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VOL. 131 | NO. 224 | Wednesday, November 9, 2016

City Hall City Leaders Prepare for Pre-Thanksgiving Town Hall on Pinch District Development

By Bill Dries

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A town hall meeting Nov. 22 on the city’s plan for redevelopment of the Pinch District Downtown should be the last session to gather public input, said the Memphis City Council member whose district includes the Pinch.


Berlin Boyd told a group of 20 citizens at a meeting Monday, Nov. 7, in Nutbush that the city is also awaiting word from the state on a plan to use Tourism Development Zone revenues for redevelopment of the area.

“There are a lot of moving parts. … Then we’ll try to proceed and move forward,” Boyd said. “There are a lot of loose ends that we’ve got to tie up. But I’m hoping and I’m being very optimistic that we will see something take place soon.”

The city wants the state to expand the uses of sales tax revenue captured in the Downtown TDZ to go toward more development.

A time and place for the Nov. 22 town hall meeting is expected to be announced this week.

Boyd had said in July that a council vote on the plan was possible within the next 90 days. But there have been delays.


Looney Ricks Kiss, the architecture firm hired to come up with a proposed plan that includes a $1 billion physical expansion of the St. Jude Children’s Research Hospital campus, unveiled a plan in June that included new buildings, some as tall as 12 stories.

The tentative plan is being coordinated by the Downtown Memphis Commission, the city’s Housing and Community Development Division and the city-county Office of Planning and Development.

The mixed-use development coupling high rise offices with ground-level retail and restaurants is modeled after the Amazon.com city development, Amazon’s urban campus in Seattle.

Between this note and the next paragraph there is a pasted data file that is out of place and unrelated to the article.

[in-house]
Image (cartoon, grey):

At Monday’s Nutbush session, city Housing and Community Development director Paul Young talked in general terms.

“Our goal is to create a vibrant, walkable district connecting St. Jude with Bass Pro Shops, with the Convention Center, with all of the activity that’s happening in Uptown as well as the area near Carnes Elementary School,” Young said. “We see this project as not just about the Pinch, but really creating a new gateway for our city.”

St. Jude owns most of the land in the 10-block area and the LRK plan included Overton Avenue as a connector between Bass Pro Shops at the Pyramid and the St. Jude campus to the east. It also included plans for a hotel facing Bass Pro Shops on the eastern border of the Pyramid.

Also at the Monday meeting in Nutbush, Memphis Mayor Jim Strickland said he expects to make a decision “over the next few days” on a health care plan for retired city employees who are younger than 65.

The city is considering a private network as a way to continue providing city-subsidized health care to pre-65 retirees.

“The private network is the best way to save the pre-65 retirees,” Strickland said after the meeting. “The retirees will have to pay a higher deductible, but the premiums and the maximum pay will be about the same, actually sometimes they save money. …The call is, do we want to save the pre-65s or not.”

The pre-65 retirees are largely police officers and firefighters. The municipal unions representing both have been critical of the private exchange Strickland is considering.

The exchange is similar to one used by Ohio state government. The Memphis plan under consideration would subsidize retiree’s health care through health reimbursement accounts funded entirely by the city of Memphis that Strickland and his administration say would give retirees more options.

“I’ve listened to police officers and firefighters,” Strickland said, citing two pay raises for them during his first 10 months as mayor and the creation of a new P-3 rank for police officers.

“Frankly, we don’t want police officers and firefighters working until they are 65, chasing down criminals and climbing on ladders to get in houses,” he said. “They have to retire before they reach 65. They need that gap insurance until they get Medicare.”

PROPERTY SALES 128 339 21,916
MORTGAGES 76 240 16,657
BANKRUPTCIES 36 136 6,853